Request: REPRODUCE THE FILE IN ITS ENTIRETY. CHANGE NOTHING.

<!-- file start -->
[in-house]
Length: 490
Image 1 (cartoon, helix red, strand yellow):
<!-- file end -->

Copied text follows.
[in-house]
Length: 490
Image 1 (cartoon, helix red, strand yellow):